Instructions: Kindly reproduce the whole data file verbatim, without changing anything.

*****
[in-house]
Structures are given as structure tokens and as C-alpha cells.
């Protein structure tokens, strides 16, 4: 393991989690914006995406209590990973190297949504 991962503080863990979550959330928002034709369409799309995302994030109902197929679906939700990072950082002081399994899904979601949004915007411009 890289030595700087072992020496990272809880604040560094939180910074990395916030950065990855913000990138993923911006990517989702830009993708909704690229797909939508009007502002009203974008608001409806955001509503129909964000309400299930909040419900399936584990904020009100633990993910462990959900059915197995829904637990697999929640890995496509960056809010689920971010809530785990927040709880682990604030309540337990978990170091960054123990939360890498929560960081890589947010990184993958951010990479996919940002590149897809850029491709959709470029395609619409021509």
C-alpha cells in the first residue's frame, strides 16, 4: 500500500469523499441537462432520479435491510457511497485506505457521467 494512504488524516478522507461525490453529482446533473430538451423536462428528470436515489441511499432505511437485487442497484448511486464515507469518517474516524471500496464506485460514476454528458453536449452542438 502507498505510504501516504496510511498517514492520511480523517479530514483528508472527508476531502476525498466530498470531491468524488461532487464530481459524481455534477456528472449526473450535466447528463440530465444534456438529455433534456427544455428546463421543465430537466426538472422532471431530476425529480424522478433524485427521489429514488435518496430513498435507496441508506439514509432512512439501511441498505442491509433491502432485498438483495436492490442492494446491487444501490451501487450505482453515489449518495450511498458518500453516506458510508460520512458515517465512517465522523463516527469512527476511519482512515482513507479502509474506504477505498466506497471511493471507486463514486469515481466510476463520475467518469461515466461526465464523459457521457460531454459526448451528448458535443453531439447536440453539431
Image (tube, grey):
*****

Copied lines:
[in-house]
Structures are given as structure tokens and as C-alpha cells.
């Protein structure tokens, strides 16, 4: 393991989690914006995406209590990973190297949504 991962503080863990979550959330928002034709369409799309995302994030109902197929679906939700990072950082002081399994899904979601949004915007411009 890289030595700087072992020496990272809880604040560094939180910074990395916030950065990855913000990138993923911006990517989702830009993708909704690229797909939508009007502002009203974008608001409806955001509503129909964000309400299930909040419900399936584990904020009100633990993910462990959900059915197995829904637990697999929640890995496509960056809010689920971010809530785990927040709880682990604030309540337990978990170091960054123990939360890498929560960081890589947010990184993958951010990479996919940002590149897809850029491709959709470029395609619409021509």
C-alpha cells in the first residue's frame, strides 16, 4: 500500500469523499441537462432520479435491510457511497485506505457521467 494512504488524516478522507461525490453529482446533473430538451423536462428528470436515489441511499432505511437485487442497484448511486464515507469518517474516524471500496464506485460514476454528458453536449452542438 502507498505510504501516504496510511498517514492520511480523517479530514483528508472527508476531502476525498466530498470531491468524488461532487464530481459524481455534477456528472449526473450535466447528463440530465444534456438529455433534456427544455428546463421543465430537466426538472422532471431530476425529480424522478433524485427521489429514488435518496430513498435507496441508506439514509432512512439501511441498505442491509433491502432485498438483495436492490442492494446491487444501490451501487450505482453515489449518495450511498458518500453516506458510508460520512458515517465512517465522523463516527469512527476511519482512515482513507479502509474506504477505498466506497471511493471507486463514486469515481466510476463520475467518469461515466461526465464523459457521457460531454459526448451528448458535443453531439447536440453539431
Image (tube, grey):